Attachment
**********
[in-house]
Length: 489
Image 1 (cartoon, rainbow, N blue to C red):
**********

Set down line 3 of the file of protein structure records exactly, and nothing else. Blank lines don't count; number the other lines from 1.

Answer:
Image 1 (cartoon, rainbow, N blue to C red):